Mendes SL, Padovan MP (2000) A Estação Biológica de Santa Lúcia, Santa Teresa, Espírito Santo. Bol Mus Biol Mello Leitão (N Sér) 11/12:7–34
Montgomery GG, Sunquist ME (1974) Contact-distress calls of young sloths. J Mamm 55:211–213
Mühlbauer M, Duarte DPF, Gilmore DP, Costa CP (2006) Fecal stradiol and progesterone metabilite levels in the three-toed sloth (Bradypus variegatus). Braz J Med Biol Res 39:289–295
Van Parijs SM, Hastie GD, Thompson PM (1999) Geographical variation in temporal and spatial vocalization patterns of male harbour seals in the mating season. Anim Behav 58:1231–1239
Pinder L (1993) Body measurements, karyotype, and birth frequencies of maned sloth (Bradypus torquatus). Mammalia 57:43–48
Queiroz HL (1995) Preguiças e guaribas, os mamíferos folívoros arborícolas do Mamirauá. CNPq e Sociedade Civil Mamirauá, Brazil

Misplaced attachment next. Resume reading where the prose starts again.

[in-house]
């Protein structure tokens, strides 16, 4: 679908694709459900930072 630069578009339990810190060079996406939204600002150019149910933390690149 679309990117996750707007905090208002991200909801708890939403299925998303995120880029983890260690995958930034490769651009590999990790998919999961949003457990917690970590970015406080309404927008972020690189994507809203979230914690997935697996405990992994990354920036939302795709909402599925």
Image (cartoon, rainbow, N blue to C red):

Richard-Hansen C, Taube E (1997) Note on the reproductive behavior of the three-toed sloth Bradypus tridactylus in French Guiana. Mammalia 61:259–263
Taube E, Keravec J, Vié J-C, Duplantier J-M (2001) Reproductive biology and postnatal development in sloths, Bradypus and Choloepus: review with original data from the field (French Guiana) and from captivity. Mamm Rev 31:173–188
Toyama Y, Calderon FU, Quesada R (1990) Ultrastructural study of crystalloids in Sertoli cells of the three-toed sloth (Bradypus tridactylus). Cell Tissue Res 259:599–602
Urbani B, Bosque C (2007) Feeding ecology and postural behaviour of the three-toed sloth (Bradypus variegates flaccidus) in northern Venezuela. Mamm Biol 72:321–329
Vizcaino SF, Loughry WJ (2008) The biology of the Xenarthra. University Press of Florida, Gainesville